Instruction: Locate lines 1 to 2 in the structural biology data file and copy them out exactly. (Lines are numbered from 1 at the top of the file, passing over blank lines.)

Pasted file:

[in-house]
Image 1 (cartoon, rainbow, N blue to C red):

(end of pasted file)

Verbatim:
[in-house]
Image 1 (cartoon, rainbow, N blue to C red):